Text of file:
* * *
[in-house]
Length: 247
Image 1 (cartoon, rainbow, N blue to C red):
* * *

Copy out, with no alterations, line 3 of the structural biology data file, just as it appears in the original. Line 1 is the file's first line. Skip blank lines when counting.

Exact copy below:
Image 1 (cartoon, rainbow, N blue to C red):